For the first few years after the arrival of the Europeans at Ngamotu education (in the minds of most) did not count for much. Children at the age of seven, when 'reason dawned' , were plunged by their parents-by necessity-into the adult world, with little concern for youngsters' feelings or problems. The process of growing up was generally regarded as a steady and imperceptible evolution with no recognition of adoles- cent storms and stress. The founders of the New Zealand Company, however, were not unmindful of the necessity for education. An official instruction to surgeon-superintendents on all their ships said: 'As it is very desirable to keep the minds of immigrants beneficially employed you are to use your best endeavours to promote the instruction of both adults and children as circumstances will permit.' 1 Some attempt was made to implement these instructions. During the voyage of the Timandra eight days after leaving Plymouth on October 20, 1841, a committee was set up to superintend a school 'and despite a certain amount of opposition from a section of the immigrants a school was opened eight days later with eight passengers assisting.'? On the Blenheim, which arrived the following February, William Shell was authorised to act as headmaster and assistant to the surgeon, Dr Samuel Norway. Shell's wife was the ship's matron. School books were supplied, but 'with the children biting them and picking them to bits,'? little use was made of them.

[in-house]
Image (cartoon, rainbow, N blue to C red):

Such classes were not continued after arrival at Ngamotu, although 'a claim has been made that on November 1, 1841, Thomas Woolcombe gave instructions to Captain Liardet that a suitable section should be appropriated by the company as a site for a school or mechanics' institute ... to be held in trust by trustees chosen from the "operative class". '4 Nothing apparently came of this instruction and the company relied on churches to further education. But the churches themselves had little money and so the settlement's schooling was left to the concern and initiative of a few private teachers. These included Mrs Frances Newland (wife of the town's first jailer John Newland), Mrs Edwin Harris, Mrs Samuel Popham-King, Dr and Mrs J. H. Horn and W. P . Mutch, most of whom conducted classes in their homes. Mrs Newland was in charge of the first Anglican school, built in 1844 by William Bolland, deacon-in-charge of the parish, to a design by his friend, architect Frederick Thatcher. Bishop Selwyn offered free education from his own pocket to a number of children of poor parents equal to the number of fee-paying pupils on the roll. The school continued to serve a small number of children for several years on lines laid down by Selwyn. In 1847 Governor Grey's Education Ordinance provided for a system of fee-charging denominational schools to be subsidised by the Govern-ment, and in New Plymouth the Wesleyan Missionary Society opened a boarding school at Ngamotu. Named the Grey Institute, in honour of the Governor, its aim was to provide instruction mainly for Maori boys superintended by Henry Hanson Turton, the Wesleyan missionary. By 1854, Turton's report revealed that in addition to Maori youths, 20 girls were boarding there under the guidance of Mrs Turton. The institute was taken over by John Whiteley in 1857, but looming war clouds forced its closure. In June 1863 the Grey Institute buildings were hired by the Government to house 'friendly natives' and two years later classes for Maori adult, boy and girl boarders began there and continued until Whiteley's murder in 1869. The institute did not survive. A report in 1874 by the Civil Commissioner, Robert Parris, said adult Maoris were totally indifferent to the education of their children. The institute buildings were sold for removal, and the nearby Mission House became a Maori minister's parsonage.> This was subsequently used as a boarding establishment for Maori girls and administered by the Rangiatea Methodist Maori College Trust Board established in the 1940s, until a separate house was built for this purpose near Spotswood College in the late 1950s. The sole survivor of the Wesleyan Missionary Society's Grey Institute is the Mission House, in which a caretaker lives. It is held by the Grey Institute Trust of the Methodist Church. Church schools of various denominations served the settlement well for several years, but inter-church rivalry hindered progress. By the end of 1851 a group of settlers on their own initiative, no doubt to counter church domination, obtained a small section and ordered 'apparatus' for the purpose of illustrating lectures. The following year evening meetings were being held in the newly-formed Taranaki Mechanics' Institute (in Charles Beardsworth's house). Lectures were given on such a wide variety of subjects as the philosophy of Aristotle, astronomy, mineralogy, engineering and Shakespeare' s play of Others .6 Lecturers included J. C. Richmond, F. U. Gledhill, Alexander King, and the Rev. H. Groube.